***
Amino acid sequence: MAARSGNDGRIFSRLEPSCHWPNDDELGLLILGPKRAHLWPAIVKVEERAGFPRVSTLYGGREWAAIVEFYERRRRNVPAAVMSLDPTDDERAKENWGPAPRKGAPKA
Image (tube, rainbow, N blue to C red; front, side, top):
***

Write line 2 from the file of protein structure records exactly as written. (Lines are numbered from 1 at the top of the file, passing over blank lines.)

Image (tube, rainbow, N blue to C red; front, side, top):